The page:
October 15, 2019
Citizens Union Announces Positions On Ballot Proposals For 2019 General Election
**Good Government Group, Citizens Union, Supports Ranked Choice Voting, Increasing Oversight of NYPD, Modifications to the City Budget, and Changes to Land Use Review; Opposes Proposed Changes to Ethics Rules**
New York, N.Y. (October 7, 2019) – Citizens Union Board Chair Randy Mastro and Executive Director Betsy Gotbaum today announced Citizens Union’s recommendations on five proposals New York City voters will see on their ballots in this November’s election, or starting October 26 for those New Yorkers taking advantage of early voting.
After rigorously evaluating each proposal, Citizens Union recommends that voters support questions 1, 2, 4 and 5, and oppose question 3. The proposals were referred to the ballot by the 2019 Charter Revision Commission and cover a wide variety of issues related to city governance, from elections to police accountability.
“This fall, New Yorkers will have the rare opportunity to reform the City Charter to make our city elections more democratic, increase oversight of the police department, and implement other significant changes. Citizens Union has taken a position on all five proposals that will appear on the ballot, and we encourage all New Yorkers to examine these proposals and vote,” said Randy Mastro, Board Chair of Citizens Union.
Citizens Union recommends a yes vote on question 1, which would establish ranked choice voting in primary and special elections, and change deadlines on special elections and the beginning of the redistricting process.
Ranked choice voting allows voters to rank the candidates in order of preference. If no candidate wins a majority of the vote on the first tally, then the candidate with the least number of votes is eliminated. The votes for that candidate then go to the candidate ranked second. This continues until two candidates remain.
“As someone who ran for a citywide office in a crowded Democratic primary, I speak from experience when I say that ranked choice voting will improve the election process,” said Betsy Gotbaum, Executive Director of Citizens Union. “It will give voters more choices and save taxpayer money by avoiding costly runoff elections. Long an advocate for ranked choice voting, Citizens Union is pleased that the Charter Revision Commission has heard our recommendations.”
Citizens Union recommends a yes vote on question 2, which would increase oversight of the police department by strengthening the Civilian Complaint Review Board (CCRB). Multiple changes included in question 2 have been recommended by Citizens Union over the last few years. These include protecting the CCRB budget, requiring the police commissioner to explain deviations in discipline from that recommended after a department trial, and allowing the CCRB to investigate the truthfulness of statements made by a police officer who is the subject of a Board investigation.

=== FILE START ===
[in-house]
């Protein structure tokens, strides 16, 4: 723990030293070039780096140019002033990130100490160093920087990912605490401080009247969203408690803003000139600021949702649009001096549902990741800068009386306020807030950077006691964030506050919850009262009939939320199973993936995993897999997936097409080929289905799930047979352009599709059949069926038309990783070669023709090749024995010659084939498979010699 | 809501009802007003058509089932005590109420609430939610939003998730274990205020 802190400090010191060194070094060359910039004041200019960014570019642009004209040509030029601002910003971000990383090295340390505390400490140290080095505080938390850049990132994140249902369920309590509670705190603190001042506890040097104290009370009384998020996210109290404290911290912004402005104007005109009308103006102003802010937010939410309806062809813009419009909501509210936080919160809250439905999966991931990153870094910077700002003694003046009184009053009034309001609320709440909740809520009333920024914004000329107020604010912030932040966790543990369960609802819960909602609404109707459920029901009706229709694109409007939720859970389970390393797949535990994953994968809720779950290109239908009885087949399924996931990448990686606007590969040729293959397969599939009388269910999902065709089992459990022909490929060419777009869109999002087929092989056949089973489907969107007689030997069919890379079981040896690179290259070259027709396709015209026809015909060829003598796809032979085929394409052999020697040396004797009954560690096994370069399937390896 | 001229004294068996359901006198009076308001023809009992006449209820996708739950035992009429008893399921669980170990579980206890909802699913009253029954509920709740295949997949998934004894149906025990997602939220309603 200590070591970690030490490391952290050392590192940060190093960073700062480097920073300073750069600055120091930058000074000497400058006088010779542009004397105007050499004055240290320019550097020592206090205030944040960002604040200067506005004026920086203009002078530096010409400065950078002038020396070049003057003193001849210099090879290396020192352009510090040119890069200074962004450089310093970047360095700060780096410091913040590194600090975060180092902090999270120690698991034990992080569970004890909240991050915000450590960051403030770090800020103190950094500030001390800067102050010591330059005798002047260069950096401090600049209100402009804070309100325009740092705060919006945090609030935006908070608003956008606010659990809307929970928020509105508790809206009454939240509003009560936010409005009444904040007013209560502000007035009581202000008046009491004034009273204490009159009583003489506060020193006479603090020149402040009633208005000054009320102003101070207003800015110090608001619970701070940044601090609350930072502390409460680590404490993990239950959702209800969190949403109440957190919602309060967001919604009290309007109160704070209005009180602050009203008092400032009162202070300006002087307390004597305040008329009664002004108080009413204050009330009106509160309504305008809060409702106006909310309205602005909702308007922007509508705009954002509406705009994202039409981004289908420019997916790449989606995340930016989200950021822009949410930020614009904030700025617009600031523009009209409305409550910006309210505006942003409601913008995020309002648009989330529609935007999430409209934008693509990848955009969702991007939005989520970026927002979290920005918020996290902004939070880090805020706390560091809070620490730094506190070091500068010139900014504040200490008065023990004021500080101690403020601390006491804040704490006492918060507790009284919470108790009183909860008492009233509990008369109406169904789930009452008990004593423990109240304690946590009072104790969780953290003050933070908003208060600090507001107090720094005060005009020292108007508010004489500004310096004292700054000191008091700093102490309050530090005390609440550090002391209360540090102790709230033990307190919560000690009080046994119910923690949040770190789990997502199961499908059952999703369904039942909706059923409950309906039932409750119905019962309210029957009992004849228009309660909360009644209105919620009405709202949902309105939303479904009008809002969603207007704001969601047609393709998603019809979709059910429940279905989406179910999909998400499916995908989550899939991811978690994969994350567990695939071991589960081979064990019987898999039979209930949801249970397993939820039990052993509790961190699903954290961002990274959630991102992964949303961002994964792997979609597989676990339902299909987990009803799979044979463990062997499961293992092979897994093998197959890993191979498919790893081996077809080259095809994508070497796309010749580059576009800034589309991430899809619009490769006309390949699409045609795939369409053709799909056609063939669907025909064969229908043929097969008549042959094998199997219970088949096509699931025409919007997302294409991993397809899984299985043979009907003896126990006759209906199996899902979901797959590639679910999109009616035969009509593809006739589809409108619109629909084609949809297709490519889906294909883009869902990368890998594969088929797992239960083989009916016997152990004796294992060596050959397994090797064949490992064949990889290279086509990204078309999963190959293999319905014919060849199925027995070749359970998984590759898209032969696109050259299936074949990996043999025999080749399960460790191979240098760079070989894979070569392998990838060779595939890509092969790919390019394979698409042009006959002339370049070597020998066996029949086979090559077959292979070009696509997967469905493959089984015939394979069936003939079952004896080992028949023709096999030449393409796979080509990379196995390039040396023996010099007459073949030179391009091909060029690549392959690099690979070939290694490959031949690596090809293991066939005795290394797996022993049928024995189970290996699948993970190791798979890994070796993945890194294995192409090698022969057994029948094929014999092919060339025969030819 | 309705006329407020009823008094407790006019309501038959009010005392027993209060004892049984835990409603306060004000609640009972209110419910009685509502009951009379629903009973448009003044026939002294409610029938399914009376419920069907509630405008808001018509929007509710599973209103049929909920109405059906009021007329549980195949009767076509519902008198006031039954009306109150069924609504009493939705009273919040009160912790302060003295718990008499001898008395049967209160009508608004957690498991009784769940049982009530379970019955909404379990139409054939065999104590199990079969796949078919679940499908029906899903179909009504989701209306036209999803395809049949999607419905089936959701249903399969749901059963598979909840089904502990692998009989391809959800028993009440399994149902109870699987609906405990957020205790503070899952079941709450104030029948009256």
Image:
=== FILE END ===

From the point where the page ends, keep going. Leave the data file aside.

Question 2 would also increase the size of the CCRB and allow them to delegate subpoena power to the executive director.
“Citizens Union has been advocating for greater police accountability and transparency for well over a decade. Because of the powerful position of police officers, it is essential that we strengthen oversight of the New York Police Department. We must ensure that instances of officer misconduct are answered with appropriate actions,” said Gotbaum.
Citizens Union recommends a no vote on question 3, which includes controversial items and covers disparate issues. The question would lengthen the amount of time that city employees could not appear before their former agency to two years rather than the current one year; give the public advocate and comptroller appointments to the Conflict of Interest Board; limit what Conflict of Interest Board members can contribute to city campaigns; create a mayoral office for the Minority and Women-Owned Business Enterprise program; and require that appointment of the corporation counsel be subject to Council approval.
Citizens Union recommends a yes vote on question 4. Question 4 establishes minimum budgets for the Public Advocate and Borough Presidents, and requires earlier submission of revenue estimates by the mayor, two long-standing Citizens Union recommendations. Question 4 also allows the City to create a rainy-day fund, and requires that mayoral changes to the City’s financial plan necessitating a budget modification be submitted to the City Council within 30 days.
Citizens Union recommends a yes vote on Question 5, while also wishing the Charter Revision Commission had gone further with its land use reform proposals. Question 5 requires the Department of City Planning to transmit a project summary to the borough president, borough board and community board at least 30 days before a Uniform Land Use Review Procedure application is certified. It also provides more time during the summer for community boards to review ULURP applications.
About Citizens Union
For 120 years, Citizens Union (CU) has been a force for transparency, accountability and ethics in New York’s City and State governments. A nonpartisan organization, some of our current initiatives include increased voter participation and civic engagement, greater police accountability, and an accurate 2020 census. Learn more at www.citizensunion.org.